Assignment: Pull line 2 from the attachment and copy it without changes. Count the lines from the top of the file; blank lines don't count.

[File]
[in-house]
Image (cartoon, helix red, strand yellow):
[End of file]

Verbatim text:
Image (cartoon, helix red, strand yellow):